Phylum Ctenophora / Order Cydippida / Mertensiidae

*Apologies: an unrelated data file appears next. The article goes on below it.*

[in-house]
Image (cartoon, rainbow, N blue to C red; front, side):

This uncommonly seen comb jelly, in the family Mertensiidae, is currently undescribed and has not yet been assigned a scientific name. It possesses a pair of feeding tentacles like all cydippid ctenophores, and is easily distinguished from others like the sea gooseberry (Pleurobrachia) by the dark maroon color of the tentacles and tentacle bulbs (tentacles retracted into sheaths in the photo). The transparent body is elongate and relatively small (length up to 2 cm). It is somewhat more delicate than Pleurobrachia and is usually severely damaged after collection with a plankton net. Tentacles have large numbers of fine side branches and exit the body from a long thin opening on each side of the body. The mouth opening is relatively wide. This comb jelly normally drifts motionless with the mouth end up and tentacles extended to form a net. Copepods and other crustaceans are standard fare. It is occasionally seen in relatively large numbers in surface waters of central and southern California and the San Juan Islands of Washington. In British Columbia fjords it tends to inhabit deeper waters, ranging from 100 to 600 meters.
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